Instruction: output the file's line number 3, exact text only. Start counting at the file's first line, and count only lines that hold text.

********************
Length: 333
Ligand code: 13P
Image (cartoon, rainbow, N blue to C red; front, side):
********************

Image (cartoon, rainbow, N blue to C red; front, side):